Using such position of its mighty political ally, which is by many opinions also its commander, ICG usually advocated in BiH the attitudes based on the social-political concept of the civic state, aiming to overcome the ethnic and religious identities and prevent or solve clashes motivated by them, with the goal to create modern political community based on the general principles of individual freedom, human and civil rights and democracy as the rule of majority. By advocating such attitudes 

ICG almost always supported tendencies towards centralization of BiH, i.e. decline of the powers of entities in favor of the state, and cantons in favor of the entity (federal) bodies, causing usually in that way disapproval and opposition of the actors from Serbian and Croatian constitutive peoples.

 

Centralization against constitutive peoples

In its reports ICG did not bother to implicitly deny the concept of constitutive peoples, despite the fact that BiH Constitution itself is based upon that principle, supporting that not only centralization as the political-administrative concept most appropriate for BiH, but also the specific unification as the wider social-political goal. In fact such approach leads to assimilation of all the three constitutive peoples into “Bosnians”, as the term frequently used in ICG reports to mark together the Bosniaks, Serbs, Croats and all other citizens of Bosnia and Herzegovina. Under actual circumstances in BiH, where Bosniaks are about half of the population, such unification tendency leads to the Bosniak hegemony, which is why dominant parts of the Bosniak elites, both those self-declared as political Bosniaks or integral “Bosnians”, until now honestly supported the ICG work. Among the Serbs and Croats, on the other hand, generally negative attitude not only towards ICG activities, but also towards the whole concept of think-tanks and even the entire civil society dominates, so they factually left the “NGO-discourse” with all its advantages and opportunities to Bosniaks and their foreign allies.

The highest relevance for social-political processes in BiH, as well as the highest level of ICG’s co-responsibility can be attributed to its reports from 2000 and 2001. International officials were called in those reports strictly to control finances of certain banks on the basis of their top management’s estimated party and political orientation, to consider banning of certain political parties on the basis of estimated influence of war criminals, higher in those than in other parties, and even to directly intervene in “modeling” of political and wider social scene of Croats in BiH, aiming at its artificial diversification, what is related even with institutional modalities of refugees’ and displaced persons’ return.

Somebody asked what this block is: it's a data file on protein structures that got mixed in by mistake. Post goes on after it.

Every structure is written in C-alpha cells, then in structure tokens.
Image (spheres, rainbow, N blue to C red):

The newest ICG report

ICG report on BiH published 10th July 2014 is entitled in accordance with already common unification practice (“Bosnia’s Future”), but it shows significantly different features than the previous ones, both at the level of country situation’s analysis and recommendations addressed to the key stakeholders and groups of stakeholders. Report’s authors, however, presented those new sounds, which largely surprised both traditional supporters and opponents of ICG work, in the mixture with the basic values and ideological principles used before in their work, which looks pretty non-understandable and inconsistent at the first glance.

Therefore, it is of crucial importance to identify how the actual social-political moment in BiH and its wider environment motivated the analysts of this think-tank to apply such unusual approach, which is also confusing for some observers. It is important primarily because of the extraordinary high influence of ICG and centers of political power who shared its main views. Thus, the noticed changes in the content and style of report and above all in its recommendations could also be seen as indicators of real change of the key actors’ policies in BiH, which factually mean the change of entire political context.

Report’s title itself is on the track of continual ICG practice, marked by consistent usage of the geographical term “Bosnia” instead of internationally recognized name of Bosnia and Herzegovina. Report’s Summary contains expected, at least for readers of previous reports on BiH, sharp criticisms of disintegrative tendencies which exist despite the international resources invested in the past and positive changes in neighborhood, mutually opposed goals and interests of three ethnic communities, consequent political crises and inability of existing Constitution to solve them, as well as overwhelming power of the political elite which avoid efficient control by voters and elementary responsibility. Strongly positive attitude towards winter protests is also expected, together with the disappointment caused by their factually non-existing systematic effects, as well as principal-level praising of visible effects of international support for overcoming the war consequences and condemnation of inefficient reaction of all the levels of authorities regarding disastrous floods.